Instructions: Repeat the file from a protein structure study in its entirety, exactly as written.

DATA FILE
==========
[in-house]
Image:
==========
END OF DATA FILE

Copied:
[in-house]
Image: